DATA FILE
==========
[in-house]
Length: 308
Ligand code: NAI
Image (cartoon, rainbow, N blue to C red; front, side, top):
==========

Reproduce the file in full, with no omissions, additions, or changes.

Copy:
[in-house]
Length: 308
Ligand code: NAI
Image (cartoon, rainbow, N blue to C red; front, side, top):